Have you heard of the Caribbean island of Barbuda? If you have, do you only know it as “That island where every single resident was evacuated after hurricanes Irma and Maria”? If so, you might wonder if there’s anything left to visit. I’m here to tell you enthusiastically – YES! This special and beautiful island with its courageous residents is open for business and well worth a visit!
We departed St Barthelemy at 4am and arrived at Low Bay, Barbuda about 12 hours later, anchored in gorgeous turquoise water, just off an empty white sand beach. We raised the yellow quarantine flag, had dinner, and went early to bed. The next morning, we lowered our dinghy, Bug, into the water and headed to town to clear into the country. Barbuda is part of the country “Antigua and Barbuda” and it has a teeny tiny customs and immigration office in the only town on the island, Codrington Village. We sent an email 48-hours in advance, requesting permission to clear into the country here, and received permission just before we left St Barts. We had to ask several times for directions to customs as we wandered through the sleepy town with no street signs and little commercial development. When we found it, the customs agent said “Clearing IN? Really?” And then the immigration officer showed up and she said “Clearing IN? Really?” Apparently this doesn’t happen very often!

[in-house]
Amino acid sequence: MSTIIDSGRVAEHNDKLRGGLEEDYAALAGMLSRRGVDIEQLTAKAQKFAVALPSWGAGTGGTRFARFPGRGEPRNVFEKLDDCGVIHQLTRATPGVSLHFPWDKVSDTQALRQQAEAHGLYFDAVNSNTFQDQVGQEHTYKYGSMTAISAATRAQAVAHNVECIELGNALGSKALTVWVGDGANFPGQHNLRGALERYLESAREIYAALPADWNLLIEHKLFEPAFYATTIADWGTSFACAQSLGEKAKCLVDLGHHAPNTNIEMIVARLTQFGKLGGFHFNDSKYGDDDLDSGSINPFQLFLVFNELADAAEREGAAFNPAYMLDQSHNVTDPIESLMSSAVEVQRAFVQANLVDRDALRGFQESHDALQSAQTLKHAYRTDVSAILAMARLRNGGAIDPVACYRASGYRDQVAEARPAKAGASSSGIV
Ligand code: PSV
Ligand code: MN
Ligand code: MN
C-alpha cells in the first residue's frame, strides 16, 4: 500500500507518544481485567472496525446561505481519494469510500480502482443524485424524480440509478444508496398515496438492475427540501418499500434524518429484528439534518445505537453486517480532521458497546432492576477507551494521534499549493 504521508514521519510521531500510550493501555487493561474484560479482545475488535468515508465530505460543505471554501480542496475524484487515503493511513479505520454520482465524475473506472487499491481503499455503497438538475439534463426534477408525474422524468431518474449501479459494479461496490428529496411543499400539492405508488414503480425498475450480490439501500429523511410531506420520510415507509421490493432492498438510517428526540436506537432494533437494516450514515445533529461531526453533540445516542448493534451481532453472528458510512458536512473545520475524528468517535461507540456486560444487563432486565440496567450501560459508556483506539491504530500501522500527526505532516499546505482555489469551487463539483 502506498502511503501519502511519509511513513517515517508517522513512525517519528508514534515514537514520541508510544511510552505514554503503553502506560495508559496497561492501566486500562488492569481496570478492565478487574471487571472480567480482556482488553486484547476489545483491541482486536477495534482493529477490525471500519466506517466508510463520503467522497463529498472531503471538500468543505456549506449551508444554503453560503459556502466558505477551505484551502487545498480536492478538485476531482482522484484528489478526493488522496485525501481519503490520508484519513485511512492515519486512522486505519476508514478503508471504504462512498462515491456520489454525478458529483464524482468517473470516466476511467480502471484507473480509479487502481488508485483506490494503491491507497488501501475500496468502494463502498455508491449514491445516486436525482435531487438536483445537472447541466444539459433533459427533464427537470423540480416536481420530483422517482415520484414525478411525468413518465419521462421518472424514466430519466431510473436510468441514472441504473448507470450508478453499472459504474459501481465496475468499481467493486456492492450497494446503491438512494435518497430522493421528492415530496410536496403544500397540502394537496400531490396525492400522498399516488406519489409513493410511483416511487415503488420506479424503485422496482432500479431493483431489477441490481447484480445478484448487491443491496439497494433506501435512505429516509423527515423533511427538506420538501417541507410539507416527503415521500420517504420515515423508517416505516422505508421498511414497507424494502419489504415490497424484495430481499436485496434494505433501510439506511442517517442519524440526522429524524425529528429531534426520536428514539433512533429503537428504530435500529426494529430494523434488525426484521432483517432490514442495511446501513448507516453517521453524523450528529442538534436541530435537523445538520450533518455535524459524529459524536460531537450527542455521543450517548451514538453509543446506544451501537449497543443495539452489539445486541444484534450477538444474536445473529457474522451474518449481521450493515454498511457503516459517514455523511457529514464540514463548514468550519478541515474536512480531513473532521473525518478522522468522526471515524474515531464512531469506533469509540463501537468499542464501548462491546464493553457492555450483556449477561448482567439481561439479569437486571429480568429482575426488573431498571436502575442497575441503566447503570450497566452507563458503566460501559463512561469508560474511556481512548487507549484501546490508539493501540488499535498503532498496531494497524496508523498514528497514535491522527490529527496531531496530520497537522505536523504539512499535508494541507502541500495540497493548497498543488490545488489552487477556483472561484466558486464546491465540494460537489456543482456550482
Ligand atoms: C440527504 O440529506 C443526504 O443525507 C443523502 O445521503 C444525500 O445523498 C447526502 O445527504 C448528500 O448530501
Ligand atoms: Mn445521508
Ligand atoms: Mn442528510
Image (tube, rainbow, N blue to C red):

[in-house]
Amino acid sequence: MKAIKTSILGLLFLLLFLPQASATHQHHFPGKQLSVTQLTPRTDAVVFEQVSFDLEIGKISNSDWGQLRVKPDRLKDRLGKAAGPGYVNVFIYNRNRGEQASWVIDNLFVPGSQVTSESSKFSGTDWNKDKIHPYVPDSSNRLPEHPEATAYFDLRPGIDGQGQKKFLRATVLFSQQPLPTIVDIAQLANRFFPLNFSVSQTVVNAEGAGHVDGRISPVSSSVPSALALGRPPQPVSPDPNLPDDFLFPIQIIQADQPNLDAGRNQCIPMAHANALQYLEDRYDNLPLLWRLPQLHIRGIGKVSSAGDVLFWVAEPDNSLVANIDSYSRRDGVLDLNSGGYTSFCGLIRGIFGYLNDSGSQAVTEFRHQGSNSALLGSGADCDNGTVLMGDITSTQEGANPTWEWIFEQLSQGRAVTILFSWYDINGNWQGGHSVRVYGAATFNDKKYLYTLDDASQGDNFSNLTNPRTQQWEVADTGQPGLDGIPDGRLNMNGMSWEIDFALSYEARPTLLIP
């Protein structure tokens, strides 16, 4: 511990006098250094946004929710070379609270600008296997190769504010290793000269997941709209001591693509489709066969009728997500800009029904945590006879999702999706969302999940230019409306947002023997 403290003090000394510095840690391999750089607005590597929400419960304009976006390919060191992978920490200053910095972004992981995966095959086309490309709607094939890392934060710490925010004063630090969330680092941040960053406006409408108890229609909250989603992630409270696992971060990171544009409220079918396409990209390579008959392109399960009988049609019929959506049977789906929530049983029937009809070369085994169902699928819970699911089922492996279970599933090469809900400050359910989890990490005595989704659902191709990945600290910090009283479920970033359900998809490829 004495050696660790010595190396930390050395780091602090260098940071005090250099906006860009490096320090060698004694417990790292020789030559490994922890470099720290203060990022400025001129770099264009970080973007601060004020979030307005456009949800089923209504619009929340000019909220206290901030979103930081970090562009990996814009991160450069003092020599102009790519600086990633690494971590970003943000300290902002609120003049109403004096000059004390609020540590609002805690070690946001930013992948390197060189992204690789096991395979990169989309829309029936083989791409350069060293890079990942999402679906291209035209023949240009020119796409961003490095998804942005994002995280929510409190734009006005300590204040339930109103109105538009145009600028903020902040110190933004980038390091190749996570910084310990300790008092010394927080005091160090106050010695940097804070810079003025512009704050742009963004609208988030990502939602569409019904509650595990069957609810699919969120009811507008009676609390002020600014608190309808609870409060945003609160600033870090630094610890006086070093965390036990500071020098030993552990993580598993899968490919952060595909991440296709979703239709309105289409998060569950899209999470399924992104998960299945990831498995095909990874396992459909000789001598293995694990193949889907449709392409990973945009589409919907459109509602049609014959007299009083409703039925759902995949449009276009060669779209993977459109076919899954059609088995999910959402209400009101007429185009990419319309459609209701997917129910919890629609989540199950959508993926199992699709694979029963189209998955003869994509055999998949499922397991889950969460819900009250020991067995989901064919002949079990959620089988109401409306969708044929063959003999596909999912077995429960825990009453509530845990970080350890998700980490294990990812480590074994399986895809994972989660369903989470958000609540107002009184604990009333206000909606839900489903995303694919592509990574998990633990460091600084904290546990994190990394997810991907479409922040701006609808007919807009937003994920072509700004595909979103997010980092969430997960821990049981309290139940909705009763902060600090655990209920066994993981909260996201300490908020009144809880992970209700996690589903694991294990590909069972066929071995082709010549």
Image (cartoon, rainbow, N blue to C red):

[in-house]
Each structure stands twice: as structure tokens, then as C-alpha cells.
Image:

The highlight of our trip was a visit to the largest Frigate Bird colony in the Western Hemisphere, and home to approximately 5000 magnificent frigate birds.
Our guide, George Jeffreys, has lived in Barbuda his entire life, and has raised eight kids here, who now live all over the Caribbean and New York City. George told us a lot about the history and culture of Barbuda on the boat ride to the bird sanctuary. He told us that Barbudans are the biggest, strongest… and best looking people in the Caribbean. And from the folks I met on our visit – I believe him 😃 He told us what it was like to grow up on this quiet, remote island. As a teenager, he and his friends would swim across the Codrington Lagoon from town to the barrier island, walk a mile or so along the beach, and swim back – each returning with a bag full of lobsters from the adventure. Now to put this feat in perspective, it took Capt. Mike and I over half an hour to cross that lagoon one way in our dinghy, with a 5hp motor!
Frigate birds (or Man-o-Wars) can live 30 to 40 years, and grow to have a wingspan of up to 8 feet. They can fly over 20 mph. That’s four times faster than Sanitas’ average speed! They don’t seem to mind at all that a boat full of tourists drifts close by in a small boat to stare at them. The males are large and glossy black, and during mating season, they inflate a huge red neck pouch to attract the attention of the females. The yearlings are almost as big as the adults, but white and fluffy. And the chicks! Each mother lays a single egg, and nurtures her teeny fluffy white chick, with help from her mate finding fish to feed them both. George didn’t rush us, but gave us plenty of time to ooh and aah and take photos. And then we just put the cameras down and watched and enjoyed.